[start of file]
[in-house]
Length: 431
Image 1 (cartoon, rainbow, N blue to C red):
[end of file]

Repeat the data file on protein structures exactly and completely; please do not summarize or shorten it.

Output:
[in-house]
Length: 431
Image 1 (cartoon, rainbow, N blue to C red):